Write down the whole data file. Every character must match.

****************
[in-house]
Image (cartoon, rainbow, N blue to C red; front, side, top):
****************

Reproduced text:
[in-house]
Image (cartoon, rainbow, N blue to C red; front, side, top):